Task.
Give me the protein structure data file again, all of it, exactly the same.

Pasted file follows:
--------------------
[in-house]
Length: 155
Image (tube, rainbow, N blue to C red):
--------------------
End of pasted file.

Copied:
[in-house]
Length: 155
Image (tube, rainbow, N blue to C red):